Think your employer might be headed down the wrong path? Don’t know how to tell whether your company is ripe for scandal? Worried about your company stock portfolio? You owe it to yourself to keep on top of your company’s financial health. Learn how to read the signs of trouble and protect yourself.
- Look for Smoke Signals
How well do you trust your company? To protect yourself and your career, you should know how to interpret the danger signs.
- When management goes on a sudden spending spree after turning a small profit: The company is depleting its resources too quickly and soon will be cash poor.
- When vendors are calling and asking “where’s my money?” The company is cash poor and can’t pay its bills. Serious financial trouble can’t be far off.
- When the budget is slashed abruptly: The company is desperate for cash. Layoffs are a strong possibility.
- When funding for business travel and continuing education disappears: If layoffs haven’t happened yet, they will soon.
- When veteran employees are forced to take early retirement while newer hires are laid off: What? You’re still working for this sinking ship? Time to jump overboard!
- Read All About It
It’s not always obvious when your company is in a downward spiral. In fact, the bigger the company, the harder it is to see the signs. Pay attention to what financial experts are saying. Study industry trends. Read company press releases. Follow the stock price and watch for sudden declines. Also search for news about your company written by outsiders. Don’t assume that your executives are being up front with employees. The press can dig up dirt on a company long before executives are forced to admit wrongdoing.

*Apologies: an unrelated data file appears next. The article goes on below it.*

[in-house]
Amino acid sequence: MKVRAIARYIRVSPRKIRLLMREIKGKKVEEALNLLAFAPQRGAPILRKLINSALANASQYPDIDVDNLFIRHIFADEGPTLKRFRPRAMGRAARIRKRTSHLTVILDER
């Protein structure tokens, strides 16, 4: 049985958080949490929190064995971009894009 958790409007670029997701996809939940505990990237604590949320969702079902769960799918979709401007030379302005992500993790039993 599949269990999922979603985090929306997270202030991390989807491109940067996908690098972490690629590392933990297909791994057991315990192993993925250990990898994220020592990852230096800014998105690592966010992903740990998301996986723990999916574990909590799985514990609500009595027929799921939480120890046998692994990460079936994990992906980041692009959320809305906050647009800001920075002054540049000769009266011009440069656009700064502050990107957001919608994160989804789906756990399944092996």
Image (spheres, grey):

- Think Like a Shareholder
Publicly traded companies are required by law to inform shareholders of their financial health. If your current or potential employer sells stock to investors, you can easily learn what the shareholders know by getting a copy of the latest financial statement and annual report. Thousands of annual reports are available for free, along with advice and tips on how to read them online.
- Study the Financials
When researching a potential employer, the numbers tell the story. “Go back a couple of years in the annual reports to see trends,” recommends Dawn, a marketing and business development executive. “Find out what percentage of revenue comes from various sources. Look at how the flow of revenue changes over time. Examine the expenses and how they’re allocated. If it seems like something’s missing, then you should be asking more questions.”
John, a mutual fund investor, says you should think of choosing a potential employer the same way you’d decide where to invest money. “Look at revenue, growth, earnings, and positive cash flow. What’s your risk tolerance? If it’s a startup company, look at the business plan.” Venture capitalists are experts at reading business plans.
- Take It Personally
What if much of your retirement money is invested in company stock? “Beware of having too much company stock in your retirement plan,” says Jennifer, a financial advisor for a major investment firm, “in case the company stock takes a dive or the company itself begins to fail. You don’t want all your eggs in one basket.” Protect yourself and your money by spreading the wealth across different types of investments.
Above all, keep your head out of the sand. Your employer’s financial health is of utmost importance to your own. If you stay alert to what’s happening at your company, you have a better chance of avoiding financial disaster.Top 5 Ways to Tell if a Layoff is Coming: Is Your Job in Jeopardy? by Harrison Barnes